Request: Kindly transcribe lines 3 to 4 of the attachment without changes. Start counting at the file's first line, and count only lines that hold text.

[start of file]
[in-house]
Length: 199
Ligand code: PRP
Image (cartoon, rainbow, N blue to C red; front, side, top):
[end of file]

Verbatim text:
Ligand code: PRP
Image (cartoon, rainbow, N blue to C red; front, side, top):